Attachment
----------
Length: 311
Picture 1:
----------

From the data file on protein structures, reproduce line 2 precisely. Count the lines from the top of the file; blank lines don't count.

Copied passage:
Picture 1: